NOSIX: A Lightweight Portability Layer for the SDN OS

M. Raju, A. Wundsam, M. Yu
Appears in: 
CCR April 2014

In spite of the standardization of the OpenFlow API, it is very difficult to write an SDN controller application that is portable (i.e., guarantees correct packet processing over a wide range of switches) and achieves good performance (i.e., fully leverages switch capabilities). This is because the switch landscape is fundamentally diverse in performance, feature set and supported APIs. We propose to address this challenge via a lightweight portability layer that acts as a rendezvous point between the requirements of controller application and the vendor knowledge of switch implementations. Above, applications specify rules in virtual flow tables annotated with semantic intents and expectations. Below, vendor specific drivers map them to optimized switch-specific rule sets. NOSIX represents a first step towards achieving both portability and good performance across a diverse set of switches.

Public Review By: 
Hitesh Ballani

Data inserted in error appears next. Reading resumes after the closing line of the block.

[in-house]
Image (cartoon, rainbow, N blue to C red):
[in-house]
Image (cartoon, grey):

OpenFlow is the prevalent API to the data plane in software-defined networks (SDNs). Despite OpenFlow evolution, there remains a significant gap between the API and actual capabilities of switches. Consequently, it is hard to write high-performant, platform-independent programs for SDNs. While recent proposals like ONIX and Frenetic propose abstractions for SDN programs that can then be compiled into OpenFlow messages, this paper takes a different tact - it proposes a portability layer called NOSIX. The basic idea is that control applications are written as a pipeline of “Virtual Flow Tables” that are transformed by vendor supplied drivers into switch configuration. Programmers can provide optional metadata as hints about the intended use of virtual tables to aid the translation from the virtual to physical pipeline. The paper uses two strawman examples to illustrate the benefits of NOSIX having some application knowledge and understanding switch design. Apart from SDNs being in vogue, the reviewers (all with extensive OpenFlow experience) agreed that the mismatch between idealized OpenFlow-style programming and hardware realities needs to be addressed. As with any short paper, many important details remain to be worked out. In particular, rather than a concrete single API, this paper proposes a new point in the design space for controller-switch programming. This is expected to foster discussion to better address the limitations that real-world SDN engineers face, especially when programming currently available hardware with all its quirks and limitations. When fleshed out, NOSIX could be a compelling design point in the rapidly evolving SDN space.